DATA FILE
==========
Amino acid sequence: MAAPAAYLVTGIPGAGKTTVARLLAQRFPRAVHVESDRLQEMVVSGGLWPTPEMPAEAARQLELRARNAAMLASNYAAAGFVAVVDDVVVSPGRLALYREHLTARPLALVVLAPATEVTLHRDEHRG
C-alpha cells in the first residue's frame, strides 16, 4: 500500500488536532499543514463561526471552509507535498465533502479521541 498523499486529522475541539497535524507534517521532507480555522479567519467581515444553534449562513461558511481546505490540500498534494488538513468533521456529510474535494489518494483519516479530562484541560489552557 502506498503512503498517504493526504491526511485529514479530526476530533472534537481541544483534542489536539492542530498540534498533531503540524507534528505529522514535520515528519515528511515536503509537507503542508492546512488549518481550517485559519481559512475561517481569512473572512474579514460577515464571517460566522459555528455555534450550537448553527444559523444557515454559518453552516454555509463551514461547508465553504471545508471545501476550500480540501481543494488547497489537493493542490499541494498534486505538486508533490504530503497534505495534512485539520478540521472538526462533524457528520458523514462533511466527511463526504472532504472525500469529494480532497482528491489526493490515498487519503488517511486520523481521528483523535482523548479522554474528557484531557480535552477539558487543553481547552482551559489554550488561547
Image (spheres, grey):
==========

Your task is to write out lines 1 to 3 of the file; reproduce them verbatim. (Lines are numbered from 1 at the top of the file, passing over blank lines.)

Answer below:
Amino acid sequence: MAAPAAYLVTGIPGAGKTTVARLLAQRFPRAVHVESDRLQEMVVSGGLWPTPEMPAEAARQLELRARNAAMLASNYAAAGFVAVVDDVVVSPGRLALYREHLTARPLALVVLAPATEVTLHRDEHRG
C-alpha cells in the first residue's frame, strides 16, 4: 500500500488536532499543514463561526471552509507535498465533502479521541 498523499486529522475541539497535524507534517521532507480555522479567519467581515444553534449562513461558511481546505490540500498534494488538513468533521456529510474535494489518494483519516479530562484541560489552557 502506498503512503498517504493526504491526511485529514479530526476530533472534537481541544483534542489536539492542530498540534498533531503540524507534528505529522514535520515528519515528511515536503509537507503542508492546512488549518481550517485559519481559512475561517481569512473572512474579514460577515464571517460566522459555528455555534450550537448553527444559523444557515454559518453552516454555509463551514461547508465553504471545508471545501476550500480540501481543494488547497489537493493542490499541494498534486505538486508533490504530503497534505495534512485539520478540521472538526462533524457528520458523514462533511466527511463526504472532504472525500469529494480532497482528491489526493490515498487519503488517511486520523481521528483523535482523548479522554474528557484531557480535552477539558487543553481547552482551559489554550488561547
Image (spheres, grey):